To investigate the radial fracture and damage under confining pressure and repeated blasting, the high-speed (HS) camera and strain gauges were used to test the dynamic response, meanwhile a damage model is established to analyze the damage evolution. The study reveals that the compressive stress is formed by initial confining pressures, and it effectively prevents radial cracks growing, reduces the damage accumulation speed and increases the ability of rock against blast loading. Under the repeated blasting, the elastic deformation appear and the initial microcracks do not have enough energy to develop into fractures after the first loading, the rock deformation linear increase with loading times and failure suddenly by the last loading. The blast induced damage was successfully assessed by strain variables in the damage model. The damage (D) is less than 0.4 and a few micro cracks are generated by elastic plasticity deformation after first loading, slowly increase to 0.6 with the number of repeated blasting. At last, D exceed 0.8 and cause the rock broken completely under the last loading. The study results clearly indicate that the repeated blasting and initial in situ stress should be taken into consideration for proper assessment in underground excavations.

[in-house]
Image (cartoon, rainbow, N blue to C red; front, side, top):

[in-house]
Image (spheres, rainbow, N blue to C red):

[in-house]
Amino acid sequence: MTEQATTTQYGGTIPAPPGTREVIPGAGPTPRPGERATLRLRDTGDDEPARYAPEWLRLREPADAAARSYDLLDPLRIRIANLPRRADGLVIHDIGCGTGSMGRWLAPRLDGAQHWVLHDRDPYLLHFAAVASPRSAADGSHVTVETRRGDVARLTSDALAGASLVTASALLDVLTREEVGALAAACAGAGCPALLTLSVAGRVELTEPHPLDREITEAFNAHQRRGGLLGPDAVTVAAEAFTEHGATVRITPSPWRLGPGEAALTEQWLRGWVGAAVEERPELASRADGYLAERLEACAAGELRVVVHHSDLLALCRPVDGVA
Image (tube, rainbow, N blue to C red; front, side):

As the deep tunneling and underground space creation is rapidly growing, blasting as an inexpensive method is widely used in underground engineering. Unlike the surface rock, underground rocks naturally stressed by gravitational and tectonic stress, moreover, the stress redistribute is formed along blast created excavation boundaries, and the failure mechanism is become complicated due to the combined effects of stress redistribution and repeated blasting (Liu et al. 2011; Ramulu et al. 2009; Zhang & Zhao 2014). In general, blast-induced rock damage results from stress waves and subsequent explosion gas expansion, the explosion gas plays a more important role on broken zone around borehole. The lower stress waves pass through the medium with the spreading distance increase, and the further rock mass is not completely broken under single blasting. After repeated blasting, the irreversible damage accumulate and induce the cracks development, and leading to safety and stability problems in underground engineering at last (Ricketts 1988; Verma et al. 2018; Zhang et al. 2017).